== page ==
Getting in tune to the sounds of exertion

Re: "Those Gym Grunts Have a Purpose" [Dec. 11]: Thank you for your interesting and informative article. As a professor of music at UC Irvine, I would, however, like to point out a couple of things:

Vocal "chords" should actually be spelled "cords." However, most vocal experts now use the term "vocal folds," which actually gives a more accurate description of them.

Also, while screaming certainly can lead to the development of "calluses or lesions," only incorrect or abusive singing does so. If this were not the case, you would not have opera singers (such as Placido Domingo) singing with ease and longevity, performing three- to four-hour operas without amplification, for 45 years, so far.

It is usually singers who perform contemporary/popular-culture music who tend to abuse their voices and damage them.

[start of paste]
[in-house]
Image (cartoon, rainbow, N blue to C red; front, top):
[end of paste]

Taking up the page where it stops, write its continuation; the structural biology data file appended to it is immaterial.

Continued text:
You quote Belisa Vranich, sports psychologist for Gold's Gym, as saying, "When you think about grunting, you tend to think about King Kong, moving furniture and sex. . . . Most [women] will say that grunting is disgusting."

Except when they give birth. Low-pitched, sustained grunts actually hasten the baby through the birth canal as the mother pushes.


Free Union, Va.


I really enjoyed Janet Cromley's article on grunting in the gym. But I'm surprised she didn't mention the karate "kiai," or spirit shout. Proper technique in most martial arts requires a sharp, guttural yell at the moment a person executes a kick, punch or other technique.

This tightens the abdominal muscles so that they're protected from an opponent striking back; forces an exhale during the moment of peak exertion of the muscles; psychs up the person delivering it; and psyches out the opponent.

Most martial arts instructors will actually scold students who are too quiet!


Los Angeles

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